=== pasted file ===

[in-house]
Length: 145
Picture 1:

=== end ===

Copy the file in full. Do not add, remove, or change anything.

[in-house]
Length: 145
Picture 1: